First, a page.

Call for SAH Historic Interiors Affiliate Group-Organized session proposal for SAH 2023 The SAH Historic Interiors Affiliate Group invites session proposals on the theme of historic interiors for SAH 2023. Members and non-members of HIG are invited to submit proposals for an in-person session that would be of interest to the SAH membership as a whole for the SAH conference to be held in Montreal, April 12–16, 2023. HIG welcomes proposals that introduce new scholarship, methods and approaches that reflect the diversity of interiors. The benefits of a session organized by HIG include the likelihood of an audience of HIG members for the panel atRead More → The Metropolitan Museum of Art’s Hannah Beachler and Michelle Commander reimagine the period room through the lens of Afrofuturism. This “period room” project is a milestone in the decolonization of the museum and the history of interiors The Met’s description: “Seneca Village—a vibrant nineteenth-century community of predominantly Black landowners and tenants—flourished in an area just west of The Met, in what is now Central Park. By the 1850s, the village comprised some fifty homes, three churches, multiple cemeteries, a school, and many gardens. It represented both an escape from the crowded and dangerous confines of lower Manhattan and a site of opportunity, ownership, freedom,Read More →

The Historic Interiors Affiliate Group of the Society of Architectural Historians is proud to announce its first sponsored session at the SAH 2022 Meeting in Pittsburgh, “Electric Interiors” chaired by Timothy Rohan. Please circulate the call to those who might be interested. The deadline for paper submissions for this and other sessions that engage with interiors and their histories (listed below)  is June 2.   Electric Interiors from the Nineteenth Century to the Present How did the introduction of electricity and subsequent development of electronics transform the design, use and experience of interiors? Science has investigated electricity since antiquity, but its transformative potential for interiorsRead More →

“‘Joy every day’: New Yorkers reveal their fabulous apartments – in pictures” The Guardian has published a series of photographs of New Yorkers in their homes by Sally Davies.  It is a visual delight and another example of what I think of as “home portraits.”  In thinking about the archive/s of historic interiors, how they are preserved and remembered, this genre is a valuable one for us to interrogate and consider.    Read More →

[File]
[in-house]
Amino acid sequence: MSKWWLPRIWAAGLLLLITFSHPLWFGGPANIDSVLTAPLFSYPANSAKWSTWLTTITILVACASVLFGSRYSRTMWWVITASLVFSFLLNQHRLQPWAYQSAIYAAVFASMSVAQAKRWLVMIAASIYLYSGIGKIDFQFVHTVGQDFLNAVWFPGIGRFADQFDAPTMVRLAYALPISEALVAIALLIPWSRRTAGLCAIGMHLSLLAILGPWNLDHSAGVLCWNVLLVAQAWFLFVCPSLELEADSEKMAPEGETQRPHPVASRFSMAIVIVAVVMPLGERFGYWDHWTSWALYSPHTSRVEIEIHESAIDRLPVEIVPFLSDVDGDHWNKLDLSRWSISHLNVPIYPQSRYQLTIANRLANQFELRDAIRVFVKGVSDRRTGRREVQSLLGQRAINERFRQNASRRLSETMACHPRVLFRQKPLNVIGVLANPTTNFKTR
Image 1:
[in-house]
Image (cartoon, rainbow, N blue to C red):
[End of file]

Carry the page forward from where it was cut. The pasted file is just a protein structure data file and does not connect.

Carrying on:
HIG member and panel participant William Littmann has recently published two pieces in the online journal Platform on the issue of pedagogy and its challenges in a time of Covid and Decolonization.  Pedagogy is an area of central interest to us as an organization, and I encourage you to read and comment on his ideas. William Littman, “How to Travel the Pandemic” Platform, September 14, 2020 William Littman, “How I Found the Courage to Decolonize My Syllabus” Platform, March 1, 2021Read More →

Artist Talk: Dana Levy St. Louis Art Museum Monday, March 8 | 7–8 pm CST | Free register at:   Dana Levy, Campbell House Project, 2021 The Saint Louis Art Museum is currently exhibiting the work of Dana Levy, whose video, sculpture, and print installations “considers how historic architecture and sites embody lived experiences and change context over time. She often begins her projects with specific buildings, local people, and archives to create works that delve into unique cultural histories and connect to overarching themes of place.”   Join curator Hannah Klemm for a conversation with Israeli-born, New York–based artist Dana Levy. Levy is the recipient ofRead More →

The fourth annual Interior Provocations symposium, Memory, held via Zoom Webinar on February 27, 2021 and co-hosted by Ryerson University and Pratt Institute, includes  papers addressing the broad cultural, historical, and theoretical implications of memory with regard to the practice and scholarship of interior design. Memories, both individual and collective, conspire to give the interior its central place in our collective and individual experiences. Interior memories can be somatic, semantic, and can be measured; they are spun from scents, sounds, textures, traces, and visual cues as well as from more structured, text-based knowledge. As such, interiors offer a unique entry point in grappling with, as well asRead More →